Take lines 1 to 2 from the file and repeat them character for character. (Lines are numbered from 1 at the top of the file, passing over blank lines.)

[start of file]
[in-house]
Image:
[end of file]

[in-house]
Image: